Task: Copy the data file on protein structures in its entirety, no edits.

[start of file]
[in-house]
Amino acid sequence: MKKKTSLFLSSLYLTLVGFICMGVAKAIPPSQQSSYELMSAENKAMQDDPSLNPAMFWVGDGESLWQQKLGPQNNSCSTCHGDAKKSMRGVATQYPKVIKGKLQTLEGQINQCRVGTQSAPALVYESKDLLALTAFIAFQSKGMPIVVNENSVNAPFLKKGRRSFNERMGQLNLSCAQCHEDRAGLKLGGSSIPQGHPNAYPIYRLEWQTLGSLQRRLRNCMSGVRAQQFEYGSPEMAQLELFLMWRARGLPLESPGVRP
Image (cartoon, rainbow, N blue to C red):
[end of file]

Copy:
[in-house]
Amino acid sequence: MKKKTSLFLSSLYLTLVGFICMGVAKAIPPSQQSSYELMSAENKAMQDDPSLNPAMFWVGDGESLWQQKLGPQNNSCSTCHGDAKKSMRGVATQYPKVIKGKLQTLEGQINQCRVGTQSAPALVYESKDLLALTAFIAFQSKGMPIVVNENSVNAPFLKKGRRSFNERMGQLNLSCAQCHEDRAGLKLGGSSIPQGHPNAYPIYRLEWQTLGSLQRRLRNCMSGVRAQQFEYGSPEMAQLELFLMWRARGLPLESPGVRP
Image (cartoon, rainbow, N blue to C red):